pressure are identical in different region inside vapor
bubble. The pressure inside the bubble is higher than that
of the flow liquid around the bubble. Farther away from
the bubble, the pressure of the flow liquid becomes much
higher. At t=0.4 ms, the value of gauge pressure inside
bubble is 1930 Pa. Away from the top of bubble, there is a
flow liquid region with the minimum pressure, which
gauge pressure value is 1880 Pa. At t=1.0 ms, the value of
gauge pressure inside bubble is 1539 Pa. The minimum
pressure of flow liquid region is at the two sides of the
growing bubble.
Fig.10 presents the pressure evolution inside a bubble
during bubble growth and detachment. As a whole trend,
the pressure inside the bubble is decreased continuously.
From 0.1 ms to 0.6 ms, the bubble growth is in the inertial
control stage. Bubble expands rapidly lead to the
dramatically pressure drop inside bubble. From 0.6 ms to
7th International Conference on Multiphase Flow
ICMF 2010, Tampa, FL USA, May 30June 4, 2010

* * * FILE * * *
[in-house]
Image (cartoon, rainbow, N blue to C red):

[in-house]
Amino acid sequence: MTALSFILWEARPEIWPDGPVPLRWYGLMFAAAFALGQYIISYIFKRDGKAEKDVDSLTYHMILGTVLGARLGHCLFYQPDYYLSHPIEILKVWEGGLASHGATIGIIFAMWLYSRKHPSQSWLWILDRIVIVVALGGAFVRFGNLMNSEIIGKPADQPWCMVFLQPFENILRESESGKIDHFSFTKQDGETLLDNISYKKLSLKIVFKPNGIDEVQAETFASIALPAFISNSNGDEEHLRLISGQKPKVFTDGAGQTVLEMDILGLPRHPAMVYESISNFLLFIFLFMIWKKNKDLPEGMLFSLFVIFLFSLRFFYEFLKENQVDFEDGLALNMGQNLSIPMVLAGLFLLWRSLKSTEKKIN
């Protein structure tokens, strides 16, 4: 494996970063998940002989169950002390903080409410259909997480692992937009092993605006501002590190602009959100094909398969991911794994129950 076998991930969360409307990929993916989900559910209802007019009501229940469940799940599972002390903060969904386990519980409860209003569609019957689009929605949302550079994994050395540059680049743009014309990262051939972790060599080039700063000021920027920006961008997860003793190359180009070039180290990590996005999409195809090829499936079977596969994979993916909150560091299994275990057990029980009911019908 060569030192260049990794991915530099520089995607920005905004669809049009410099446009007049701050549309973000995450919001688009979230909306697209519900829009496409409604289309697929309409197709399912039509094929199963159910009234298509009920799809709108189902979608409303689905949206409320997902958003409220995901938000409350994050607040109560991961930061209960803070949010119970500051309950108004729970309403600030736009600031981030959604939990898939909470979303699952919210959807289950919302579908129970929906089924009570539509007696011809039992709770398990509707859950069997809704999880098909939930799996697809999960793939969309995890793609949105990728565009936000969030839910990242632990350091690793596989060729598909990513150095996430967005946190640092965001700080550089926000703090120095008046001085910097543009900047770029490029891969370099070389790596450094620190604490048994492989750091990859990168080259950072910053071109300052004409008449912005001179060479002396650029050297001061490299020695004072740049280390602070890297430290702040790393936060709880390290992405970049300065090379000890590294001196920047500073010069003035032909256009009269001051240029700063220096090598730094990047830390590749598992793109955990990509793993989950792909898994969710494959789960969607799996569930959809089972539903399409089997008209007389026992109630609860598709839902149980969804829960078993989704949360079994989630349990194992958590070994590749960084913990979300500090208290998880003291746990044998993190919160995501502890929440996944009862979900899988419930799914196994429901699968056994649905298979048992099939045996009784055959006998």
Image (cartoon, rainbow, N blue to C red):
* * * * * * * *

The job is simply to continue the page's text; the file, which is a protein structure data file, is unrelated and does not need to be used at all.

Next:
Conclusion
In this paper, a bubble growth model has been proposed for
single bubble in subcooled flow boiling, and a numerical
simulation of bubble growth process is realized by VOF
model and UDF interface through CFD software Fluent.
The factors such as velocity of mainstream, subcooling of
mainstream, the superheating of heating wall and
vaporliquid contact angle have been considered to
understand the mechanism of bubble growth. The bubble
growth curve also has been obtained: the simulation results
agree the experimental results with relative error within
+25%. The results can be concluded as following:
1. The process of bubble growth in subcooled flow
boiling is a dynamic result of evaporation and condensation.
With increasing wall superheating, the rate of the bubble
growth would be accelerated; with higher mainstream
liquid subcooling, the growth rate of later stage would be
easier decreased.
2. The evolution of bubble shape is a quite
complicated process. At the initial time of bubble growth, a
large amount of heat and mass transfers through the
microlayer into the bubble and the bubble grows fast and
expands rapidly as a hemisphere. As the condensation
gradually enhances at the top of bubble, bubble growth rate